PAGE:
Week 13 review/Week 14 preview

Saw things so much clearer, once you were in my rearview mirror.

Let's look back on Week 13 in the Big East:

Team of the week: West Virginia. The Mountaineers snapped a two-game losing streak in the Backyard Brawl, put themselves in position to possibly finish second in the Big East and climbed back into the Top 25 in the process. All in all, not a bad Black Friday in Morgantown.

Best game: It was the Backyard Bore for most of the first three quarters as neither offense could find a rhythm. But then Pitt stormed back from a 10-point deficit in the fourth quarter and West Virginia drove for the game-winning field goal as time expired for the 19-16 win. In a week without many other great league games and in an emotional rivalry, this easily gets the nod.

Biggest play: Noel Devine's 88-yard touchdown run in the third quarter on West Virginia's first play of the drive. Devine went in virtually untouched to give the Mountaineers a lead they would never lose.

Best call: Greg Schiano's decision to go heavy with the Wildcat formation and Mohamed Sanu against Louisville. The Cardinals had no chance of stopping it, as Sanu rumbled for 148 yards and two touchdowns on just 18 carries.

Big Man on Campus (Offense): Cincinnati quarterback Tony Pike wasn't as good as he had been before his left forearm injury. He was better, throwing for 399 yards and a school-record six touchdowns against Illinois.

Big Man on Campus (Defense): UConn's Lawrence Wilson is the Big East's leading tackler, and he added to that with 17 stops and a sack in the Huskies' 56-31 win over Syracuse.

Big Man on Campus (Special teams): West Virginia's Tyler Bitancurt made all four of his field goal attempts, including the 43-yard game-winner against Pitt.

Worst hangover: South Florida. The Bulls had looked forward to getting Miami on their home turf to show how far their program has come. Instead, they found out far they still have to go, as the Hurricanes dominated them in virtually every aspect of the game. South Florida could be looking at a 7-5 year after a 5-0 start unless it can win on the road at UConn this week.

Strangest moment: It may not have been terribly strange, but it was ... interesting.

UConn led 42-31 and was facing a fourth-and-10 from the Syracuse 28 when the Huskies dialed up a pass play, which turned into a touchdown from Zach Frazer to Marcus Easley with 47 seconds left in the game. Doug Marrone looked bemused, to say the least, on the sidelines.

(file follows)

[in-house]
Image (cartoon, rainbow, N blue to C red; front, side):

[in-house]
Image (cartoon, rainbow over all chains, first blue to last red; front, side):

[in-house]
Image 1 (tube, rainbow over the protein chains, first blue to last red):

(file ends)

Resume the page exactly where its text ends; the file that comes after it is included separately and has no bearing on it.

It's hard to blame UConn's Randy Edsall for that decision, though, given how many heartbreaking losses his team has suffered this year. It's the defense's job to stop it, and indeed if Syracuse defends that pass, it gets the ball back with a chance to score and try for the onsides kick. Unlikely, yes, but the Orange had moved the ball well, and strange things have happened to UConn all year.

Anyway, the Huskies ended up scoring again on a fumble recovery. Following the game, Edsall appeared to ask Marrone something after the two exchanged a very brief handshake. Orange cornerback Phillip Thomas told the Syracuse Post-Standard that UConn's pass was "a little cheap shot" while other players said it was "classless."

Good, I say. This league can use all the heated rivalries it can get.

Now let's look forward to the final week of the Big East regular season (Games listed in descending order of interest and importance):

No. 5 Cincinnati (11-0, 6-0 Big East) at No. 15 Pittsburgh (9-2, 5-1): This one, of course, is for the biggest prize of them all: the River City Rivalry trophy. What? You mean there's more at stake? (Noon, ABC).

No. 23 West Virginia (8-3, 4-2) at Rutgers (8-3, 3-3): West Virginia's dominance over Rutgers is the longest current winning streak by one Big East team over another. The Scarlet Knights' last win in the series came in 1994. (Noon, ESPN)

South Florida (7-4, 3-3) at Connecticut (6-5, 2-4): Weather could play in UConn's favor, as is the fact that the Huskies have been playing a lot better and more consistently than the Bulls in the last month. (8 p.m., ESPN2)